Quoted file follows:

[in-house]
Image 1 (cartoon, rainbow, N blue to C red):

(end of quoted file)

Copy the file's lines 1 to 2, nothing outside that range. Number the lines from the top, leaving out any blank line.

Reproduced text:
[in-house]
Image 1 (cartoon, rainbow, N blue to C red):